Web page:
After the shoulder ripped on one of Sgt. Ethan Underwood’s camouflage blouses while he was in a martial arts course in September 2022, the Marine sergeant went looking for a replacement.

He tried the Marine Corps Exchange ― the “one-stop shopping destination” for Marines ― at his base in Yuma, Arizona: No luck. He tried the My Navy Exchange website: No luck. He tried the thrift stores near the Arizona base: No luck.

Underwood finally lucked out while home in Texas, at a thrift store near Naval Air Station Joint Reserve Base Fort Worth.

“I managed to find one singular blouse,” said the size-medium sergeant.

Marines’ camouflage uniforms are supposed to be difficult for enemy eyes to find. But these days, they’re difficult for even Marines to find.

A scarcity of camouflage combat utility uniforms has prompted some Marines to purchase uniform items on the booming resale market or get creative with tailoring, while recruits train in uniforms usually reserved for deployments.

An end to the shortage is far off: The Marine Corps anticipates the combat utility uniforms won’t be fully back in stock until nearly a year from now.

The CEO of the primary manufacturer of the Marine combat utility uniforms told Marine Corps Times the reason for the shortage is a tight labor market, exacerbated by higher-than-expected inflation.

“I do see better times ahead,” said Chuck Lambert, CEO of American Apparel Inc. “But we’re still in a pretty tough time, struggling, especially now with inflation.”

Recruits in FROGs?

After enlisting or seeking a commission, Marines-to-be receive an initial set of uniforms, which is supposed to include three utility uniforms in the woodland color and two in the desert color, according to Marine Corps guidance from October 2022.

Now, recruits are receiving two woodland and one desert uniform, Marine spokesman Maj. John Parry said via email Monday.

One objective of recruit training is to teach recruits how to “properly wear and maintain uniforms,” according to the official guidance governing the training, which also states the daily uniform for recruits is the combat utility uniform.

But at the Marine recruit depots and schools of infantry, recruits and new Marines have been training in the flame-resistant organizational gear, often known as FROGs, even though Marine Systems Command guidance from 2019 states that the FROGs are “designated for deployment issue only.”

These recruits and Marines have been wearing FROGs “to minimize expected wear and tear from field and combat training,” Parry said.

Entry-level Marines now receive notes in their service record books to document that the Corps owes them an additional set of woodland and desert cammies each, according to Parry.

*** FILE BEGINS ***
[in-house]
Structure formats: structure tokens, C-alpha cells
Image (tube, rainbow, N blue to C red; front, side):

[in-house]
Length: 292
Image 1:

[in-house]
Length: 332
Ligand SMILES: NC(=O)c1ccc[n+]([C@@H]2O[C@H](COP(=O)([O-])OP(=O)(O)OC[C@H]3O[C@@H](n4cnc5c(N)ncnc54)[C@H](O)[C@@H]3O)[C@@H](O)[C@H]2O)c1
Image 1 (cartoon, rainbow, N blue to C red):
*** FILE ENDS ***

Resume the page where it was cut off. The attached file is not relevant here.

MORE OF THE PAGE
“Marines may use this entry to obtain a NAVMC 604 form from their chain of command, which can be used at the Marine Corps Exchange to obtain the two additional sets required to complete their standard issue,” Parry said.

The Marine Corps first noticed the shortage of combat utility uniform items in summer 2022, according to Parry.

The spokesman said he expects the shortage, which he attributed to “supply chain issues,” to be resolved by July 2024, “barring any additional delays.”

On the My Navy Exchange website, neither the woodland nor the desert Marine pattern camouflage blouse was available for purchase as of time of publication.

“Unfortunately, we are experiencing supply delays on this item,” the website reads. “The estimated back in stock date is Fall 2024. We greatly apologize for this inconvenience.”

Marine Corps Times attempted to reach the Exchange for comment through a form on the store’s website but did not receive a response by time of publication.

The Marine Corps also is facing shortages of khaki shirts, service coats, dress blue coats and running suits, according to Parry.

Marines can expect the shortages of male dress blue coats to be resolved by October, female service coats by November, khaki shirts and male service coats by January 2024, female dress blue coats by February 2024 and running suits by April 2024, the spokesman said.

“If Marines are affected by a uniform shortfall issue of any type, they should notify their chain of command to resolve the matter,” Parry said.

Constrained by contracts

The combat utility uniforms, often known as cammies, are the everyday outfit for most Marines in garrison and in the field.

As Marine uniforms go, cammies are on the casual side: In warmer months, Marines even wear the sleeves rolled up to their biceps. On Fridays, and when interacting with the public, Marines usually wear the dressier service uniform.

The Marine Corps has used its distinctive camouflage pattern, composed of clumps of pixels, since 2002.

In 2018, the Alabama-based American Apparel Inc. — a longtime Marine uniform manufacturer — received from the Defense Logistics Agency a one-year contract, with four one-year option periods, to make more Marine Corps combat utility uniforms. The firm-fixed-price contract was worth a maximum of more than $71 million.